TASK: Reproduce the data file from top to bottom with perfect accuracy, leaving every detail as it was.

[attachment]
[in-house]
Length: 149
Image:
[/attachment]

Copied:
[in-house]
Length: 149
Image: